Schaumburg restaurant becomes first autism-friendly restaurant in Chicago area

World Autism Awareness Day

SCHAUMBURG, Ill. (WBBM NEWSRADIO) -- A Schaumburg restaurant was recently recognized as the first sensory-friendly space for people with autism in the Chicagoland area.

Bright lights, bustling crowds, and loud music can create distress for people with autism, especially children. This can often make families of people on the spectrum avoid restaurants. Ana Santos-Vitelo wanted to change that.

"I thought, 'well, we serve food, we cook every day, but I need to do more. I need to like, help somebody,'" Santos-Vitelo told WBBM Newsradio.

She's the co-owner of Brazil Express Grill, a Brazilian steakhouse that serves diners a cuisine that includes fire-grilled Brazilian meats, fresh and delicious salads, homemade side dishes, and desserts. She and her staff partnered with an Illinois-based nonprofit, the Autism Hero Project, to make the restaurant experience more welcoming for everyone.

“To be autism sensory-friendly means to create an opportunity where autistic individuals and their families feel welcomed at our restaurant,” Santos-Vitelo said. “Our restaurant has made accommodations which are responsive to the autistic needs of individuals and their families and have been intentionally put in place thanks to our partnership with AHP, but not at the expense of others dining at the restaurant who are not impacted by autism.

“We feel strongly that this is a much-needed initiative to create a world of inclusion. Our dream is that other organizations will follow suit and implement changes in their own operations in order to be more inclusive.”

Santos-Vitelo noted families with children on the autism spectrum don’t take their children out to a restaurant "out of fear that somebody else will stare at them."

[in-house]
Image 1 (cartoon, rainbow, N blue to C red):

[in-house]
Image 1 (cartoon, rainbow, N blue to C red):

As a response Brazil Express Grill has made the following changes to be a more inclusive space: a “Busy Buddy Sensory Box” which contains earphones and sensory toys such as balls, spinners, and cubes to help children remain calm and provide the sensory experiences they seek; a storybook created specifically for Brazil Express Grill that shows pictures of the restaurant so a child will understand what to expect at the restaurant; a semi-private room that’s available during weekdays free of charge (if the room hasn’t been reserved) so a child and his or her family can dine there if they prefer; and a kid’s- and sensory-friendly menu that caters to various dietary restrictions, but is not limited to a gluten-free and/or dairy-free diet.

Additionally, the staff at Brazil Express Grill went through training to recognize signs of autism. They will offer to dim the lights and turn the music down to help make the dining experience less stressful for families.

"It's just like, a little extra step that we can do, and I think other businesses can do that too," Santos-Vitelo said.

"Because [families of people with autism] don't go out...because they're afraid. They don't want to expose themselves. And that's not good. We should accept that it's different, but it's okay."

Brazil Express Grill will be partnering with the Autism Hero Project this fall for its second “Eat Like a HERO for Autism” fundraiser to raise awareness and funds for the cause. The inaugural “Eat Like a HERO for Autism” fundraiser was held in March. Just by using the “HERO” promo code for dine-in or ordering online, 20 percent of the pre-tax check amount will be donated to The Autism Hero Project to help its mission of purchasing medical insurance for children on the Autism spectrum.

“What I love about Brazil Express Grill is that it’s an amazing restaurant and families deserve that,” said Tamika Lechee-Morales, president of the Autism Hero Project. “We have to get to a world of belonging and inclusion where everybody feels like they’re encouraged to just be themselves and not be afraid to go out into the world like everyone else. Everybody should be able to enjoy a nice meal at a nice restaurant whenever they feel they want to go out. And if you only knew how many people won’t do it out of fear. We want to work to break negative stigmas and barriers.”